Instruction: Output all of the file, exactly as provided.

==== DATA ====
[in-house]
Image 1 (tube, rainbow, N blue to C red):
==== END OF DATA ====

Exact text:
[in-house]
Image 1 (tube, rainbow, N blue to C red):